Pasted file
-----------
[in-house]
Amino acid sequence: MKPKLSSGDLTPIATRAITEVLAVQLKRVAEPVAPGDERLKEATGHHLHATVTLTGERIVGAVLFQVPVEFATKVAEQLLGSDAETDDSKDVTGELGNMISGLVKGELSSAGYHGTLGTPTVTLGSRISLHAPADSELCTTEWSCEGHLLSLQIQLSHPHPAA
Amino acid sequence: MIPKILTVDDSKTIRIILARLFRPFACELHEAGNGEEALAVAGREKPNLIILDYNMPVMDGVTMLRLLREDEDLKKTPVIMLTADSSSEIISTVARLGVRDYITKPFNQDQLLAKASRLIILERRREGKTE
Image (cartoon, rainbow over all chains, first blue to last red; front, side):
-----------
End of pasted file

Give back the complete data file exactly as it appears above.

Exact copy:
[in-house]
Amino acid sequence: MKPKLSSGDLTPIATRAITEVLAVQLKRVAEPVAPGDERLKEATGHHLHATVTLTGERIVGAVLFQVPVEFATKVAEQLLGSDAETDDSKDVTGELGNMISGLVKGELSSAGYHGTLGTPTVTLGSRISLHAPADSELCTTEWSCEGHLLSLQIQLSHPHPAA
Amino acid sequence: MIPKILTVDDSKTIRIILARLFRPFACELHEAGNGEEALAVAGREKPNLIILDYNMPVMDGVTMLRLLREDEDLKKTPVIMLTADSSSEIISTVARLGVRDYITKPFNQDQLLAKASRLIILERRREGKTE
Image (cartoon, rainbow over all chains, first blue to last red; front, side):